• If you are marking up reviews, they must be generated by your website, not a third-party source.
  • Course markup may not be used for the content of the operation method or regular lectures that do not contain courses, specific results, or fixed student lists.

 

Schema.org for recipes sites

For sites that publish a lot of recipe content, Recipe markup is a fantastic way to add additional context to your recipe pages and get a lot of visual impact in the SERPs.

 

 

Precautions:

If you’re implementing Recipe Rich Cards, you’ll want to be aware of some extra guidelines:

 

Schema.org for publishers

If you have a publisher site, you’ll want to check out the following:

  • Article and its subtypes,
    • NewsArticle: this indicates that the content is a news article
    • Blog Posting: similar to Article and NewsArticle, but specifies that the content is a blog post.
  • Fact Check: If your site reviews or discusses “claims made by others,” as Google diplomatically puts it, you can add a “fact check” to your snippet using the Schema.org/ClaimReview.

 

 

Image source

  • CriticReview: if your site offers critic-written reviews of local businesses (such as a restaurant critic’s review), books, and /or movies, you can mark these up with Schema.org/CriticReview.
    • Note that this is a feature being tested, and is a knowledge box feature rather than a rich snippet enhancement of your own search result.

 

 

Image source

Precautions:

 

Schema.org for events/ticketing sites

 

If your business hosts or lists events, and/or sells tickets, you can use:

  • Events: you can mark up your events pages with Schema.org/Event and get your event details listed in the SERP, both in a regular search result and as instant answers at the top of the SERP:

 

 

 

 

  • Courses: If your event is a course (i.e., instructor-led with a student roster), you can also use Schema.org/Course markup.

Precautions:

  • Don’t use Events markup to mark up time-bound non-events like travel packages or business hours.
  • As with products and recipes, don’t mark up multiple events listed on a page with a single usage of Event markup.
    • For a single event running over several days, you should mark this up as an individual event and make sure you indicate the start and end dates;
    • For an event series, with multiple connected events running overtime, mark up each individual event separately.
  • Course markup should not be used for how-to content, or for general events/lectures which do not include a curriculum, specific outcomes, and an enrolled student list.

 

Schema.org for job sites

 

If your site offers job listings, you can use Schema.org/JobPosting markup to appear in Google’s new Jobs listing feature:

 

 

Note that this is a Google aggregator feature, rather than a rich snippet enhancement of your own result (like Google Flights).

Precautions:

  • Mark up each job post individually and do not mark up a job listings page.
  • Include your job posts in your sitemap, and update your sitemap at least once daily.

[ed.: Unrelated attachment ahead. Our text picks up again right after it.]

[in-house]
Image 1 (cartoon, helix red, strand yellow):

• You can include Review markup if you have review data about the employer advertising the job.

 

Schema.org for local businesses

If you have a local business or a store with a brick-and-mortar location (or locations), you can use structured data markup on your homepage and contact page to help flag your location for Maps data as well as note your “local” status:

  • LocalBusiness: this allows you to specify things like your opening hours and payment accepted
  • PostalAddress: this is an excellent supplement to getting all those NAP citations consistent
  • OrderAction and ReservationAction: if users can place orders or book reservations on your website, you may want to add action markup as well.

You should also get set up with GoogleMyBusiness.

☆ Additional resources for local business markup

Here’s an article from Whitespark specifically about using Schema.org markup and JSON-LD for local businesses, and another from Phil Rozek about choosing the right Schema.org Type. For further advice on local optimization, check out the local SEO learning center and this recent post about common pitfalls.

 

Schema.org for specific industries

 

There are certain industries and/or types of organization which get specific Schema.org types, because they have a very individual set of data that they need to specify. You can implement these Types on the homepage of your website, along with your Brand Information.

These include LocalBusiness Types:

And a few larger organizations, such as:

Precautions:

  • When you’re adding markup that describes your business as a whole, it might seem like you should add that markup to every page on the site. However, best practice is to add this markup only to the homepage.

 

Schema.org for creative producers

 

If you create a product or type of content which could be considered a “creative work” (e.g., content produced for reading, viewing, listening, or other consumption), you can use CreativeWork markup.

More specific types within CreativeWork include:

Schema.org new features (limited availability)

Google has been developing new SERP functions for testing, and you can participate in some of these tests. For some people, this feature is a supplement to the existing Type; for others, it is only provided as part of a limited test group. At the time of writing, these are some of the new features being tested:

Structured data beyond SEO

 

As mentioned in Part 1 of this guide, structured data can be useful for other marketing channels as well, including: